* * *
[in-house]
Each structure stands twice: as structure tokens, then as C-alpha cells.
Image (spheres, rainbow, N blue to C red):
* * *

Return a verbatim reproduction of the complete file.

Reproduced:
[in-house]
Each structure stands twice: as structure tokens, then as C-alpha cells.
Image (spheres, rainbow, N blue to C red):